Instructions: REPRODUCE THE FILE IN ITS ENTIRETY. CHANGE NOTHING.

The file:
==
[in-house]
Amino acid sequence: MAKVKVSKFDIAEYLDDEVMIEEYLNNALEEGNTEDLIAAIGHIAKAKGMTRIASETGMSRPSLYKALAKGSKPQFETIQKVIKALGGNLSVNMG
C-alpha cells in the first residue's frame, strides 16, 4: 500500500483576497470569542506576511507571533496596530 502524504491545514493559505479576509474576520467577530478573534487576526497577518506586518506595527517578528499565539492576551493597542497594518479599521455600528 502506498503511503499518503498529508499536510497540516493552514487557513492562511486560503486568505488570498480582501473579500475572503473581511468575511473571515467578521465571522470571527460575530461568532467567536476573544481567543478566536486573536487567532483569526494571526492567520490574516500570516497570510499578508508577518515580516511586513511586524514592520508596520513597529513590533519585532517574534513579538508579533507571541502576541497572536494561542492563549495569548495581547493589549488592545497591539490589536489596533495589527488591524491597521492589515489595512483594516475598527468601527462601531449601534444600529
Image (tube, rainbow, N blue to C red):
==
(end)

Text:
[in-house]
Amino acid sequence: MAKVKVSKFDIAEYLDDEVMIEEYLNNALEEGNTEDLIAAIGHIAKAKGMTRIASETGMSRPSLYKALAKGSKPQFETIQKVIKALGGNLSVNMG
C-alpha cells in the first residue's frame, strides 16, 4: 500500500483576497470569542506576511507571533496596530 502524504491545514493559505479576509474576520467577530478573534487576526497577518506586518506595527517578528499565539492576551493597542497594518479599521455600528 502506498503511503499518503498529508499536510497540516493552514487557513492562511486560503486568505488570498480582501473579500475572503473581511468575511473571515467578521465571522470571527460575530461568532467567536476573544481567543478566536486573536487567532483569526494571526492567520490574516500570516497570510499578508508577518515580516511586513511586524514592520508596520513597529513590533519585532517574534513579538508579533507571541502576541497572536494561542492563549495569548495581547493589549488592545497591539490589536489596533495589527488591524491597521492589515489595512483594516475598527468601527462601531449601534444600529
Image (tube, rainbow, N blue to C red):